Laura -- more spring photos please since we are again getting SNOW.
Susan and Tails--thank you for enlightening me on the toast rack although when I advertise it to sell, I won't use Cold, dry or stale. :)
Wow! I remember Pogs... my boys were into them for a bit... luckily I didn't shell out as much for them as I did later for Pokemon cards!
Mr. Dreamy's mother has all kinds of old stuff... er, memorabilia. A collector set loose in her house would go nuts. Maybe we should send the Pickers there!
My Nana had a toast rack like that! Hotels tend to have them too, in the UK. I think they're elegant, but they don't keep the toast warm, so as far as I'm concerned they're pretty but useless :)
I vaguely remember Pogs...didn't have a clue what the apple peeler was. I also think I remember the Chinese ponies with the nylon hair!
And yes, Laura, as Alison mentioned, please post some more spring photos because we are all at the end of our tether over here. It's more like November than the end of March, and they've foreast snow again for tomorrow. I wish I could stay in bed :(
I'll play! Cigars...I'm sure that label is feeding off "The Call of the Wild". Smoke this cigar and feel like Jack London, wild man. :) Pogs and plastic/fur horses, I'm unfamiliar with. Apple peelers/corers. Um. Still use mine. Toast rack: for reasons Americans can't understand, it's served cold across the pond, in a tidy rack. Maybe you can advertise it as a way to 'Organize' your toast at breakfast? ;)
Such fun comments!
Mr. Dreamy's Mother sounds dreamy to a treasure hunter like me! Do I get an invite? Hang on to the Pokemon cards. They may finance retirement.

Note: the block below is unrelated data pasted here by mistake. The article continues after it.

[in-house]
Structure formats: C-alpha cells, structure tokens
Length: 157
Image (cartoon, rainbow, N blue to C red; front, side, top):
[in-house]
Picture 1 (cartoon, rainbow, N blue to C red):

Cesca, i feel for you and your snow. What is it with spring this year???
Good job, Jane. So toast is served COLD in England? Can you explain that strange phenomenon? The apple peeler--does it really work?
Hi Alison! I know about the cold toast via a friend who stayed at a B&B in England. The first two mornings she snatched the toast out of t he rack before it became too cold for the butter to melt. Day three, the frustrated host stopped her as politely as possible when one believes another person is being rude, and asked her to leave the toast until it cooled, and could be properly enjoyed. (Without guest looking greedy by snatching the toast, to presumably let it cool on her plate.)
Why it's served cold is beyond me!
The apple corer/peeler works great. It was definitely sized for backyard (not commercial) apples. Med-small apples work best. The bigger apples tend to overwhelm mine.
Thanks Jane! I love the story about the toast! Who knew you should eat it cold.
I will definitely have to try the peeler before I put it in the booth.
My parents had a toast rack like that in England, stainless steel and shiny. Toast went into it straight from the electric toaster and was taken and eaten immediately whilst warm. I think that all it did really was enable toast to be carried to the table without using a plate (which was "common") or, worse still, fingers.
They must have been around for a long time because old-fashioned buses with rows of upright seats were called colloquially "toast racks".
Thank you White Horse Pilgrim--I love how terms get born and used ie the bus seats and the toast rack. Who knew!